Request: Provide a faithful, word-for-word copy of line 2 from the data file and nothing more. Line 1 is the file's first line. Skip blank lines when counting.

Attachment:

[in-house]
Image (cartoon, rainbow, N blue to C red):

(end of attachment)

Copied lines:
Image (cartoon, rainbow, N blue to C red):